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autism awareness month

April 29, 2011

The other day, a friend asked me what Autism Awareness Month was all about.

“Is it making people aware that autism exists?  They really need a whole month for that?”

I shrugged.  “Well, autism affects a lot of people,” I said as my sister, Angelica, popped into my head.  I have mentioned once or twice before that Angelica is autistic, and thought I’d close out Autism Awareness Month by writing a little about it.

Autism can be a delicate subject at times.  There are strong, differing opinions as to the cause, the recent rise in autistic diagnosis, the wide range of the autism spectrum, and how to ‘treat’ autism.  Debates can become heated because it’s a very personal issue for many of the debaters, who like me, have an autistic family member(s).  Questioning how and why is not as important to me as learning to love and accept Angelica as she is and doing whatever I can to help her become the woman God has called her to be.

I never had a problem accepting the diagnosis of high-functioning atypical autism, which only came a few years ago, but coping with daily life wasn’t as easy.  It took a lot of reading, research, trial and error, and countless meltdowns to figure out how to prevent said meltdowns.  Over-stimulazation was one of the biggest issues.  Situations that seemed normal to us were intense and overwhelming for Angelica.  Ang wasn’t able to tell us when she’s getting overwhelmed; we had to learn to pay attention to the subtle signs preceding a meltdown, and even then we couldn’t always prevent it.  We’ve made progress in this area, but it has been slow.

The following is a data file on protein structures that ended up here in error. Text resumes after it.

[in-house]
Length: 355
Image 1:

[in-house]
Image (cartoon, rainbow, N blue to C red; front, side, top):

Decision-making was another major issue.  Decisions are easy for me.  I don’t even think about the countless ones I make every day, but I had to learn to be patient with Angelica and not pressure her for split-second decisions.  This was especially apparent when it came to eating out.  One practice Rosario and I developed to help Angelica decide what to order was to have one person choose three things off the menu and let her decide between those options.  If she didn’t like any of those, the person would present her with three more options, and so on until she eventually made a decision.  This way she wasn’t overwhelmed by the vast options on the menu or by multiple people badgering her with suggestions, nor was she stressed out from feeling pressured to make a decision right away.  It was a simple change, but it made a world of difference for all of us!  Of course, we are bombarded with a variety of decisions every day and there is no easy solution to many of them like this one, but we tackle each one as it comes.

I absolutely love my sister Ang to death!  The fact that she is autistic has actually made me more aware of her uniqueness and dignity as a daughter of God.  She challenges me to love unconditionally and to accept my own limitations along with hers.

Reader, now that you have been made a little more aware about my autistic sister, I will leave you with a few words I wrote in November for Angelica’s birthday:

Angie is one of the most amazing people I know.  Everyone has a unique cross to carry, and Angelica’s is particularly special.  Even with all the trials, difficulties and frustrations of being autistic, Ang continues to carry her cross with dignity and good humor.

proof of her good humor

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